Abstract: Integrating Foster Care History and Mental Health Stress within an Emergent College Student Identity (Society for Social Work and Research 25th Annual Conference - Social Work Science for Social Change)

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74P Integrating Foster Care History and Mental Health Stress within an Emergent College Student Identity

Tuesday, January 19, 2021
* noted as presenting author
Rebecca Miller, M.S.Ed., Senior Research Assistant, Portland State University, Portland, OR
Jennifer Blakeslee, PhD, Research Assistant Professor, Portland State University, Portland, OR
Chanel Ison, Undergraduate Student, Portland State University, Portland, OR
Background and Purpose: Post-secondary students with foster care histories face unique challenges in college settings, including higher rates of mental health difficulties, and the promotion of academic success and student identity development must therefore be understood in the context of these barriers. This study was conducted to better understand the perspectives of college students with foster care histories and self-identified mental health concerns (N=18) about how these interrelated factors may influence their academic experiences. Additionally, we explore how foster care-related experiences may introduce potential tensions that make it more difficult for these students to successfully develop an emergent college student identity along a typical pathway or at a typical pace, as compared to their student peers.

Methods: This qualitative sub-study was conducted with participants recruited from a larger intervention study with college students aged 18-26 with foster care histories and mental health stressors. Interview participants (N=18) were aged 21.63 on average; 72% identified as female, 78% as non-White or mixed race, and 28% as LGBTQIA; 66% were enrolled in community college and 33% were attending the university where the study was conducted. The semi-structured interview protocol included questions about academic experiences and student identity, how these were influenced by foster care history and/or mental health stressors, and use of campus-based resources to support mental health. Interviews were recorded and transcribed, then loaded into qualitative software for open coding by two researchers, followed by thematic analysis to organize the codes into emergent patterns and themes.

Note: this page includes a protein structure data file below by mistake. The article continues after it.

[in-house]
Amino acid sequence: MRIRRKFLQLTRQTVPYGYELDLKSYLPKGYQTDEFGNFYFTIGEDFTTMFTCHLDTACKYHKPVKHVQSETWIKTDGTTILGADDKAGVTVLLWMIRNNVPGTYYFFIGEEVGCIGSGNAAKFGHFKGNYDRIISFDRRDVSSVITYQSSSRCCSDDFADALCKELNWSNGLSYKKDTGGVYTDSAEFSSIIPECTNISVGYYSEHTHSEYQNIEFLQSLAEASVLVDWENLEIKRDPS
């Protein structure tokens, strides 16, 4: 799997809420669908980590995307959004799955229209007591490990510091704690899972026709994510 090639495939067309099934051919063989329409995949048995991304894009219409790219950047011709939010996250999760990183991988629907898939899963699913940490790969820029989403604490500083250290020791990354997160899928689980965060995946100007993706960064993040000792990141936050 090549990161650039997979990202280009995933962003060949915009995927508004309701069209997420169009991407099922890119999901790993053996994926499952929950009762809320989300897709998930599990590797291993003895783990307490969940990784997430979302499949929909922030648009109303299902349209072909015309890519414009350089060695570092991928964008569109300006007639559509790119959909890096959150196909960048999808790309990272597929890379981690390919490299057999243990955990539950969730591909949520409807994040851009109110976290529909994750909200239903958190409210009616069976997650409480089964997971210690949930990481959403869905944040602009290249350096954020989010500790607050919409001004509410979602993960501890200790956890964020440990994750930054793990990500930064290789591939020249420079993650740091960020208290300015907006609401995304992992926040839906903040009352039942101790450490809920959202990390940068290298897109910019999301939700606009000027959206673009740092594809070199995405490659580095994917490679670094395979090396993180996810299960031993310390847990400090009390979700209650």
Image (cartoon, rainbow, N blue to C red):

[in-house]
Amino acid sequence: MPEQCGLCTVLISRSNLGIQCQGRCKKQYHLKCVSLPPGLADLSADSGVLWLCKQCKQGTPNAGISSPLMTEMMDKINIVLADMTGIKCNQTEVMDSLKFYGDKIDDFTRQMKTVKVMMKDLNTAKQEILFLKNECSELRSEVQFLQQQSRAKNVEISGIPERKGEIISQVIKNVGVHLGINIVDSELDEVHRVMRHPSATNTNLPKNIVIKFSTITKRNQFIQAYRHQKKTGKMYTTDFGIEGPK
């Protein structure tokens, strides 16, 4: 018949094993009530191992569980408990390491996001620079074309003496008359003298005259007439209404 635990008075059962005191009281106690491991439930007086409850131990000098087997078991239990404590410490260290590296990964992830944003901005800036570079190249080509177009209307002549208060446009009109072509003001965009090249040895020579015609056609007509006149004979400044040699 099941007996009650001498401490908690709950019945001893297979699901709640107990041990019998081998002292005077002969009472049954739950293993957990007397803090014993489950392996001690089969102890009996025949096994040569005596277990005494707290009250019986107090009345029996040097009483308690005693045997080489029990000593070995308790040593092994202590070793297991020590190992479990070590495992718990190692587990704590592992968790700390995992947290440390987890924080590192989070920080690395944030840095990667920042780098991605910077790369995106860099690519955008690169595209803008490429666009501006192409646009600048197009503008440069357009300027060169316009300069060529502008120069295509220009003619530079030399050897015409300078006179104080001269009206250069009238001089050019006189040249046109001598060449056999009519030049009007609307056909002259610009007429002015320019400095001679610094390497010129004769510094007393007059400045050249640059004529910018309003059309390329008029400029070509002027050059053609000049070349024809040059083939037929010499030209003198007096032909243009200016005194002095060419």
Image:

Results: We identified three high-level themes in the data. First, nearly all participants reported feelings of otherness related to their foster care experiences and how these set them apart from student peers. Next, many described compounding stressors as mental health, academic, and social stressors accumulated, including challenges related to their foster care history. Additionally, several described self-reliance even when they knew student resources were available, and related this to foster care experiences and difficulty finding people on campus who understood their background. Recommendations for improving student experiences include mental health services provided by people familiar with foster care, access to foster student-specific programs providing social, emotional, and academic support, and campus-wide efforts to raise awareness.

Conclusions and Implications: Study participants make a case for programming to help with managing challenges related to overwhelming emotions in response to compounding stressors, balancing self-reliance with help-seeking when needed, and developing interpersonal relationships that reduce feelings of otherness in the campus context. Our study validates the literature around campus-based support programs tailored specifically to college students with foster care histories, delivered by staff with awareness of how foster care backgrounds may influence mental health and academic success. Our study also suggests that foster care-related experiences play a critical role in the emergence of college student identity in the campus context, especially when intertwined with mental health stress; this lens reveals areas for new or renewed focus in supporting the integration of foster care identity and experiences, including related mental health challenges, within the larger process of emergent college student identity.